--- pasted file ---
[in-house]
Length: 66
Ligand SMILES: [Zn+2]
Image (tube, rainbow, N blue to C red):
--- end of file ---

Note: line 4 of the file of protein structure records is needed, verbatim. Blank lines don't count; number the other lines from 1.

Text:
Image (tube, rainbow, N blue to C red):